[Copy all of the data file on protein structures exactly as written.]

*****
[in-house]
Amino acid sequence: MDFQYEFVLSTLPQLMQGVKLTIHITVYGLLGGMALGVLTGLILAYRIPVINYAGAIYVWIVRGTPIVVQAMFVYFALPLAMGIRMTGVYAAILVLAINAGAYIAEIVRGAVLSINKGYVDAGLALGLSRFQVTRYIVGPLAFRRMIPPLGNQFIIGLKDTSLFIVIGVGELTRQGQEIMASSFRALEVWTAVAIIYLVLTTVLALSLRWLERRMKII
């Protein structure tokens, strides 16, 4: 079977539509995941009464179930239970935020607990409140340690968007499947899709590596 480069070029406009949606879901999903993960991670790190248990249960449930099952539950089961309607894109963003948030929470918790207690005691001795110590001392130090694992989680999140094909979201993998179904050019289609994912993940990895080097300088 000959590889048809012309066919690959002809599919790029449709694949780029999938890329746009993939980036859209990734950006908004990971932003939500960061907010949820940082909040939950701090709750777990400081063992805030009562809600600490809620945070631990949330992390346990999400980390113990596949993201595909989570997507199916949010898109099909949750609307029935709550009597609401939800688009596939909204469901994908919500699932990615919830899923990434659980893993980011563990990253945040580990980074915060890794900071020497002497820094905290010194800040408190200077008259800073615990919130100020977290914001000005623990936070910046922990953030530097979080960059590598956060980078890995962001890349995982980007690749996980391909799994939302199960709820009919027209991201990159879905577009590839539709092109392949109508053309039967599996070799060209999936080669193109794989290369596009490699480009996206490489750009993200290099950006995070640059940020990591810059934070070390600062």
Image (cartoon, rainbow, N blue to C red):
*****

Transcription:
[in-house]
Amino acid sequence: MDFQYEFVLSTLPQLMQGVKLTIHITVYGLLGGMALGVLTGLILAYRIPVINYAGAIYVWIVRGTPIVVQAMFVYFALPLAMGIRMTGVYAAILVLAINAGAYIAEIVRGAVLSINKGYVDAGLALGLSRFQVTRYIVGPLAFRRMIPPLGNQFIIGLKDTSLFIVIGVGELTRQGQEIMASSFRALEVWTAVAIIYLVLTTVLALSLRWLERRMKII
């Protein structure tokens, strides 16, 4: 079977539509995941009464179930239970935020607990409140340690968007499947899709590596 480069070029406009949606879901999903993960991670790190248990249960449930099952539950089961309607894109963003948030929470918790207690005691001795110590001392130090694992989680999140094909979201993998179904050019289609994912993940990895080097300088 000959590889048809012309066919690959002809599919790029449709694949780029999938890329746009993939980036859209990734950006908004990971932003939500960061907010949820940082909040939950701090709750777990400081063992805030009562809600600490809620945070631990949330992390346990999400980390113990596949993201595909989570997507199916949010898109099909949750609307029935709550009597609401939800688009596939909204469901994908919500699932990615919830899923990434659980893993980011563990990253945040580990980074915060890794900071020497002497820094905290010194800040408190200077008259800073615990919130100020977290914001000005623990936070910046922990953030530097979080960059590598956060980078890995962001890349995982980007690749996980391909799994939302199960709820009919027209991201990159879905577009590839539709092109392949109508053309039967599996070799060209999936080669193109794989290369596009490699480009996206490489750009993200290099950006995070640059940020990591810059934070070390600062």
Image (cartoon, rainbow, N blue to C red):